Last month's passage of a THC driving bill, following two failed attempts, was achieved thanks to a language tweak that convinced one-time opponents to sign up. But might they have balked if they'd known about alleged problems at the state lab where the blood testing required by the new law will be done?
One marijuana advocate can't help wondering, especially since the report (on view below) wasn't released until Friday even though it was completed in March, during debate over the bill.
The bill sets an intoxication standard of five nanograms of THC (the active ingredient in cannabis) per milliliter of blood. Those who test over that number aren't automatically assumed to be guilty: The text's "presumptive inference" rule allows chronic users whose systems may register over that figure even when sober to argue in court that they weren't actually impaired.
But the law still puts a great deal of weight on blood test results to be generated by the state toxicology lab, operated under the auspices of the Colorado Department of Public Health and Environment and, until recently, overseen by Cynthia Burbach.
The rub? As Alan Predergast reported yesterday, defense attorneys held a press conference yesterday to complain about the tardy release of a report on the lab by the Mountain States Employers Council, which "delves into employee concerns about inadequate training, unsafe storage of evidence, understaffing, supervisor bias" and other concerns.
The investigation was actually completed in March, but wasn't made public for months -- and was only shared after supervisor Burbach had retired.
Suthers insists that there was no foot-dragging when it came to issuing these details. In a statement circulated after the press conference, he said in part, "The details of this personnel report involve a complex intersection of various laws, including civil, privacy and employment laws. Once prosecutors in my office became aware of the potentially mitigating nature of the information contained in the Mountain States Employers Council report, I immediately acted to ensure its expeditious release."
Attorney Rob Corry, among the most vocal critics of the THC driving bill, isn't buying it.
"There's no question in my mind that somebody sat on that report," Corry says. "I don't know who, but the report was known to the government, and it should have been known to the legislature, it should have been known to opponents, and it should have been known to the general public."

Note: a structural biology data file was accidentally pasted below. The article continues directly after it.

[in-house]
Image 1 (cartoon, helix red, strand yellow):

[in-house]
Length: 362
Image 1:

Continue for more of our interview with Rob Corry, including photos and documents. According to Corry, Burbach was a familiar presence at the legislature during the debate about the THC driving bills that were introduced (and fell short) in 2011 and 2012. However, her profile was much lower this time around.
"We were all wondering where she was, because she'd been so aggressive during the past efforts," he notes. "And now we know. I've faced her in court many times, and she had strong opinions, which we disagreed with. But now it looks like those opinions might have been questionable."
Corry can't say with certainty that the THC bill would have failed had the report about the lab been available to lawmakers before the final vote was cast -- "but the legislature obviously has the power to repeal laws it has previously passed, and that's an option for next session." More immediately, though, "I think there will be a slew of defense lawyers filing motions in hundreds, if not thousands, of DUI cases throughout the state -- cases where people either pleaded guilty because Ms. Burbach was listed as a witness or people went to trial and were convicted based on her testimony."
Additionally, Corry believes that alleged problems at the lab will be cited in litigation down the line. "That's going to be a common feature of every trial in the future for years to come," he allows. "I think it would be remiss for any defense lawyer not to question the reliability of evidence brought forth by the government.
"It's always been clear to a lot of us that the supposedly non-biased, scientific players were very interested in the results of trials, and that they appeared to have maybe an emotional or professional interest in convicting people. It was abundantly clear by their demeanor and behavior throughout these cases, both pre-trial and during trials, and this report confirms that."
Could the government drop some cases already in the pipeline and be more cautious about new prosecutions because of doubts about the lab's reliability? "If the government wants to back off, that's their option," Corry replies. "We're in a defense posture. Our obligation is to bring justice for our clients. The government has to decide which cases to pursue -- and to pursue them with hard evidence.
"There are still a lot of unanswered questions. But if our state lab can't be trusted to measure nanograms in blood accurately and in an unbiased fashion, then the entire system that they're trying to create through this five-nanogram presumptive inference law is in doubt."
Continue to see the report, followed by a release from the Colorado District Attorneys Council arguing that the lab's results can still be trusted.
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